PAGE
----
Worldbuilding Through Allusion

With the exception, perhaps, of Revelation, Legends’s overt references to Jewish and Christian scripture are perhaps among the most banal references to real-world religion and philosophy in the game. Compared to the inquisitors and witch hunters of The Dark, the indulgent prelates of the Orzhov Syndicate on Ravnica, the “opiate for the masses” of the Church of Avacyn, or the vampiric conquistadors of Ixalan; these Biblical references offer little in the way of commentary, instead providing mostly face-value depictions of figures and scenes from sacred scriptures. Most of early Magic’s references to religion are just this: citations of familiar stories, rendering the multiverse of Dominia a pastiche of real-world mythoi.

Herein lies what I speculate the inclusion of these references to real-world religions’ stories must have meant to the designers: that these sacred narratives have a place alongside other literature from the past, and not above it or below it, insofar as it remained fair game for use in a fantasy card game. Like Arthurian legend, the Bible is at once ancient enough to evoke a sense of the fantastic and mythical, but familiar enough to be easily interpreted by a wide audience.

This is worldbuilding by analogy and allusion. “You see this sea monster? It’s like the Leviathan. These boars? Remember the story where Jesus cast demons into swine? Yeah, imagine that!” Without some religious literacy, the full context of the card is lost, but in most cases, they remain legible game pieces, and not often as complicated as other early Magic Cards.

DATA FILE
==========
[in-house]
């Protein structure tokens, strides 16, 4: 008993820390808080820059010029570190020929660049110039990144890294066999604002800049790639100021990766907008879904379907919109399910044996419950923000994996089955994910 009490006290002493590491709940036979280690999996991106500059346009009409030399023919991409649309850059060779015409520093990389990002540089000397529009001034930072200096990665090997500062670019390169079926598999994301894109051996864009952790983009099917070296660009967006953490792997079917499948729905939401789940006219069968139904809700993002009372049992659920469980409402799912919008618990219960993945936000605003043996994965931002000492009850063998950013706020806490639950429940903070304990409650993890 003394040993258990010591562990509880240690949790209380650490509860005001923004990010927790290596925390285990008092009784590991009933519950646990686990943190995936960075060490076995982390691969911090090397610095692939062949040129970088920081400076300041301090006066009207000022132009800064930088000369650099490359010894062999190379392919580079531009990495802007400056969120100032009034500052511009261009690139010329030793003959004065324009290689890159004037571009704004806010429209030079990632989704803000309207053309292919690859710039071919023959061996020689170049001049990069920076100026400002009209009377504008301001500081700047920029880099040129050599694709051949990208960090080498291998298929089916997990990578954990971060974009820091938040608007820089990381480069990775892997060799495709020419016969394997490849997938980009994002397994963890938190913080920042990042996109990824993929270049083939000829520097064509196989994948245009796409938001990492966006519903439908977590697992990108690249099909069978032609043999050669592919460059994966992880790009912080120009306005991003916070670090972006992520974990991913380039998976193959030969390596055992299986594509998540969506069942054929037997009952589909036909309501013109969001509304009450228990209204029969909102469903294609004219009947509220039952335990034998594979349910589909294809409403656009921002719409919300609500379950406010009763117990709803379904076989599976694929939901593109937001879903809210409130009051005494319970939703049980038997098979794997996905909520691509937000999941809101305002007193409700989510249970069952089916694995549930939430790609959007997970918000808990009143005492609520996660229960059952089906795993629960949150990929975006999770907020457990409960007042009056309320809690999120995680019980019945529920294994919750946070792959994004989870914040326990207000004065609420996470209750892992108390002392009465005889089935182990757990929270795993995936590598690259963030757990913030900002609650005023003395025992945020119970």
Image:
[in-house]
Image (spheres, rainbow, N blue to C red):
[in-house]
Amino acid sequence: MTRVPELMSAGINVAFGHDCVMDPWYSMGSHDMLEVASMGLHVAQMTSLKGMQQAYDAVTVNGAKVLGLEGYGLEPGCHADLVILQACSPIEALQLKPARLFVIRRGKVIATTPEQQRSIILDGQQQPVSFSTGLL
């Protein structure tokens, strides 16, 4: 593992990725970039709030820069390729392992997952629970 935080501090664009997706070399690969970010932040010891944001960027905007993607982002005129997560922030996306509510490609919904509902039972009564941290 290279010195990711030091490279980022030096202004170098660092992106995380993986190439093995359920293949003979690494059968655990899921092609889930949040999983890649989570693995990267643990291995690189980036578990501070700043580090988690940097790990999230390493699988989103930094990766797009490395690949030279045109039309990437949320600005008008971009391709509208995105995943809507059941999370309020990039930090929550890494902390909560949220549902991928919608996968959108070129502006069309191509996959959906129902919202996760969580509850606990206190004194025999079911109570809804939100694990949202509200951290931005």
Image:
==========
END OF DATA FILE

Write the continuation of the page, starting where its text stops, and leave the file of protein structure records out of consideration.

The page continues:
Like Limited Edition (Alpha & Beta), Legends is a set that engages in worldbuilding through the presentation of a panoply of evocative images, a shifting mosaic of creatures and locations and spells without an accompanying narrative. The multiverse of Dominia is a shimmering swirl of “legends” drawn from stories ancient and new, sacred and profane, that comes into focus only in the imaginations of players, a tertiary concern compared to the premise of the game: the duel between two planeswalking wizards.

Knowing the allusions to ancient texts can enhance this atmosphere, and enrich the flavor of the fantasy of games of Magic as they play out. One might even venture (I’m thinking about it), that for early Magic, world-building was primarily about providing a usable and attractive user-interface for a rules system. One might further venture that for many people, religion functions much the same way.

Until next time.

Recommended Media

“Aziraphale and Crowley” from Good Omens

Song of the King from Joseph and the Amazing Technicolor Dream Coat

Parting of the Red Sea, from Prince of Egypt

“Why is Pork Forbidden?” By Religion for Breakfast

Price, M.D. Evolution of a Taboo: Pigs and People in the Ancient Near East. Oxford: Oxford University Press, 2021.

The Otherworldly Art of William Blake, by Eternalised

Jacob Torbeck is a researcher and instructor of theology and ethics. He hails from Chicago, IL, and loves playing Commander and pre-modern cubes.